A domain-level property can only be verified by your DNS provider (or domain name system provider). This is the first screen you’ll see.

First, look in the selection for your DNS provider (the business you pay to use your domain):

This will show you particular instructions for your provider. If you want to learn how to use this approach to integrate Google Search Console for your digital marketing plan, you should consult with your developer or DNS provider. If your DNS service provider isn’t listed, you can select “Any DNS service provider.”

Then, press the “Copy” button to copy the TXT record that Google has given.

After you’ve copied the TXT record, open a new tab and log into your domain registrar’s website (for example, GoDaddy, BlueHost, Hostgator, etc…)

Select the domain you want to configure from the list of domains you hold. The opportunity to manage your DNS records may be found here. Depending on your provider’s website, this will be located in various locations. Look for any references to “DNS” and click on it.

On GoDaddy, for example, you’d go to “My Account > My Products” and choose “DNS” next to your domain.

After that, you’ll be sent to a Domain Management page, where you’ll see a list of your DNS Records. To make a new one, click “Add.”

Choose TXT from the “Type” drop-down menu. Type the @ symbol in the “Host” field. Set the timer for “TTL” to 1 hour. Most crucially, put the TXT record you copied from Google into the “TXT Value” section. Then press “Save.”

For Google Search Console, this will create a new TXT record. (A TXT record is used to give information about your domain to an outside source, such as showing Google that you own a domain.)

The procedure we just described for GoDaddy is fairly similar to what we just described for other domain providers. The same entries can be used for “Type,” “Hostname,” and “TTL.” Some suppliers will want a “TXT Record” rather than a “TXT Value.”

Return to the Google Search Console setup and click “Verify” once you’ve uploaded your TXT record.

If everything went as planned, you should receive a message similar to this:

It’s worth noting that changing DNS records might take up to 72 hours. If your ownership isn’t confirmed right away, check again in a few hours or the next day.

If this doesn’t work and you need assistance validating your domain, please contact us. We’d be delighted to assist you.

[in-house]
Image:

Verification for a URL-prefix Property

If you don’t have access to your registrar or don’t want to deal with your DNS records, you may use a URL-prefix property to set up Google Search Console. This opens up a variety of verification possibilities.

Google advises using an HTML file to validate your information. (But keep in mind that this is just for URL-prefix attributes.) Finally, if at all feasible, they advise you to construct a Domain property.)

It’s worth noting that there’s an option to verify through a domain name provider. Above, we demonstrated how to accomplish this. If you’re going to use that approach, you should make a domain-level property first.

Here’s how to use the other techniques to verify.

HTML Document

This approach requires you to upload an HTML file to your website’s root folder. It’s simple to accomplish, but you’ll need access to your server, either through FTP or the cPanel File Manager. If you’re unfamiliar with either, don’t use this approach to verify.

Here’s how to check using an HTML file if you’re comfortable working with your site’s server:

  1. Download the file provided by Google. (By clicking the download box shown in the image above.)
  2. Access the root directory (aka public_html) of your site.
  3. Upload the file. (Like the image example of how the file will appear shown below)
  4. Return to Search Console, and select “Verify”
HTML Tag

To test the HTML element, add a meta tag to the head> section of your website. You’ll need developer access to your site’s CMS to do so. As an example, we’ll utilise WordPress.

There are two methods to achieve this using WordPress:

  1. Adding the meta tag directly to your header.php file
  2. Using a plugin to add to the header

More than likely you’ll go with option two. Because if you’re comfortable working with the header.php, you’re better off verifying via HTML file.

Here are the steps to add the GSC HTML tag to WordPress using a plugin:

  1. Copy the tag.
  2. Log into your site’s WordPress admin in a new tab.
  3. Install the Insert Headers and Footers plugin on your site.
  4. Go to Settings>Insert Headers and Footers.
  5. Past the Search Console meta tag in the “Scripts in Headerfield.